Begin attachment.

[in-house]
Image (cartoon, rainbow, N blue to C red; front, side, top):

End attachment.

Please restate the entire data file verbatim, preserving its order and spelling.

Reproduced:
[in-house]
Image (cartoon, rainbow, N blue to C red; front, side, top):